They had and it seemed life had gone back to normal. Sindy continued to train Murray in the park every day. Gradually he started to learn to come back when he was called. Then one day, she arrived to find a notice on the park gate. It said that the park was to be closed permanently the following week—for “Re-development.”
Sindy could not believe it. She sat down on her favourite bench, stunned and was so sad that she didn’t notice that Murray had run off again.
A few minutes later, he came scampering back, barking loudly and nudging at Sindy. Then he ran off again.
“Murray!” shouted Sindy, chasing after him this time. “Where are you going?” Murray stopped at the top of a steep bank of grass and barked again. Sindy looked down the hill and saw a man in a pinstriped suit lying at the bottom. It was Mr Gold—and he was injured.
“Are you okay?” shouted Sindy.
“I slipped and think I may have broken my leg,” said Mr Gold weakly. “And I can’t find my phone.”
“Don’t worry,” said Sindy, “I’ll call an ambulance from my phone.”
While Sindy made the call, Murray bounded down the hill and ran off into the undergrowth. Moments later he trotted up to Mr Gold with his tail in the air. He was proudly carrying his phone in his mouth. The businessman smiled and patted Murray gently.
“You’re not so bad after all, boy,” he said.
“Woof!” said Murray.
As the paramedics carried Mr Gold into the ambulance, the businessman explained what had happened: “I was doing some measuring for the agreed re-development when I slipped. But I think I’ve made a mistake, thanks to Sindy and Murray’s kindness, I think I should think again. This town doesn’t need a new car park, but it does need a place for dogs like Murray to burn off steam and for children to play. I’m calling the whole thing off. The park stays.”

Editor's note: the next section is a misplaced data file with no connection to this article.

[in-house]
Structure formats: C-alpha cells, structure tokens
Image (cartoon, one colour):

Sindy could not believe her ears, nor apparently Murray too— Woof! “Woof! Woof!” said Murray, before licking Mr Gold’s face.
Mr Gold frowned. “Don’t make me change my mind…”
Sindy, Holly and Jasmine celebrated with a picnic. The sun was shining, all the flowers were in bloom and the park looked more beautiful than ever. The pals tucked into a feast of delicious cheese sandwiches, crunchy crisps, cupcakes with pink icing, sweet cherries and lemonade. The only thing missing was the sausage rolls. Murray had eaten them all when they weren’t looking.